2. The district court determined that, although plaintiffs raised a material issue of fact as to whether the content of a separate set of speech and association activity related to the union's meet-and-confer policy addressed a matter of public concern, its form and context rendered it unprotected. See id. at 709 (burden on plaintiff to show speech addressed matter of public concern based on content, form, and context of a given statement). We need not address this determination on appeal because we conclude that the evidence was insufficient for a reasonable jury to conclude that plaintiffs' meet-and-confer-related activity was a substantial or motivating factor in the adverse employment action, the third Eng factor. See infra at 5.

3. The third Eng factor requires the employee to show that the protected speech was a substantial or motivating factor in the adverse employment action. Eng, 552 F.3d at 1071. To satisfy this factor, an employee may introduce evidence that: (1) the speech and adverse action were proximate in time, such that a jury could infer that the action took place in retaliation for the speech; (2) the employer expressed opposition to the speech, either to the speaker or to others; or (3) the proffered explanations for the adverse action were false and pretextual. Coszalter v. City of Salem, 320 F.3d 968, 977 (9th Cir. 2003).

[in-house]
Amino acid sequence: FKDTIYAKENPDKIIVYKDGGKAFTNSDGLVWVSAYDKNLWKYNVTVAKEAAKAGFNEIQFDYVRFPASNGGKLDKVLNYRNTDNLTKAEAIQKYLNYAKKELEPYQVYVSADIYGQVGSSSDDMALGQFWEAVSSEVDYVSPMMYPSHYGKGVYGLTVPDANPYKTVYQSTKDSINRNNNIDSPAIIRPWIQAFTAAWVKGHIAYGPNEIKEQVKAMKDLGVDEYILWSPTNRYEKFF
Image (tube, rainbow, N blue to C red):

The district court properly determined that the evidence was insufficient for a reasonable jury to conclude that plaintiffs' speech and association activity relating to the union's meet-and-confer policy was a substantial or motivating factor in the City's adverse employment action. Although plaintiffs claim that the union intensified its advocacy efforts – made a “hard push” – a few months prior to the City's disciplinary action, the record demonstrates that the union had been pursuing a meet-and-confer policy for over ten years. Plaintiffs' ongoing efforts to support the policy were thus not sufficiently proximate in time to give rise to an inference of retaliation. As to the City's alleged opposition to the speech, a single email about the meet-and-confer policy written five years earlier by a City official not directly involved in the disciplinary action is not evidence from which a reasonable jury could conclude that the City opposed the meet-and-confer-related speech.